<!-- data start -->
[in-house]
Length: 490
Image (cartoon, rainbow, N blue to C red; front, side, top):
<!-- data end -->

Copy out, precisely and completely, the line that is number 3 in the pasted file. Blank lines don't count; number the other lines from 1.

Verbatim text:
Image (cartoon, rainbow, N blue to C red; front, side, top):